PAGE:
ALBUQUERQUE, N.M. — A federal appeals court ruled Wednesday that a New Mexico police officer did not violate the constitutional rights of a woman and her five children when he shot at their minivan as they fled a chaotic traffic stop in 2013.
The 10th Circuit Court of Appeals issued the ruling in the case filed by Oriana Farrell, who was pulled over for speeding and led officers on a high-speed pursuit through the tourist enclave of Taos.
The appeals court found that the case against Elias Montoya, the officer who fired three times at the van and later left the force, should have been dismissed by a lower court.
Montoya’s defense rested on the principal of qualified immunity, which shields public officials from legal actions unless their conduct was unreasonable in light of clearly established law.
The Farrells argued that Montoya’s gunshots amounted to excessive force and that he violated their Fourth Amendment rights against unreasonable seizure when he shot at their vehicle.
They claim they submitted to the officers’ authority when they were first pulled over.
The appeals court disagreed with the Farrells and noted that seizure situations end once a suspect flees.
Lawyers on both sides did not immediately return messages seeking comment on the ruling.
Farrell was initially charged with aggravated fleeing, child abuse and drug paraphernalia possession but later reached a plea agreement. She was sentenced to probation and community service.
Court records show Farrell and her children were on a highway near Taos when Officer Tony DeTavis pulled her over for speeding.
Footage from the officer’s dash camera shows him approaching the minivan and explaining to Farrell that he was going to give her a ticket for going 71 mph in a 55 mph zone. She had two options: pay a $126 penalty or see a judge.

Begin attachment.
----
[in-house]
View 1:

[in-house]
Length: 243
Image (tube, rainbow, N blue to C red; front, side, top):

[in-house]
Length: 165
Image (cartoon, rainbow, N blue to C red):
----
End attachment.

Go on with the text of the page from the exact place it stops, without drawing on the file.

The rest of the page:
Farrell refused to make a decision. As DeTavis walked back to his car to inform dispatch, the minivan pulled onto the road. DeTavis followed with his siren on.
The van stopped again. After repeated commands, Farrell agreed to walk to the back of the van with DeTavis but then quickly returned to the vehicle.
Commotion followed as the children screamed and Farrell’s son tussled with DeTavis before getting back in the van and shutting the doors as the officers repeatedly ordered them out of the vehicle.
DeTavis broke the rear window with his baton. The van began to drive away and Montoya fired three shots.
Court records show the minivan neither slowed nor stopped as the shots were fired.
Montoya said he was aiming at the rear tire. Authorities say no bullets hit the van or anyone inside.
The three officers gave chase, at times reaching speeds of 100 mph. As Farrell reached a congested area at the edge of Taos, authorities said, she weaved through traffic and drove on the wrong side of the road on several occasions.
According to affidavits, Farrell’s daughter called 911 during the chase, and the family looked for a police station where they could pull over because they were afraid of the three officers.
After a few minutes, Farrell drove into a hotel parking lot and surrendered.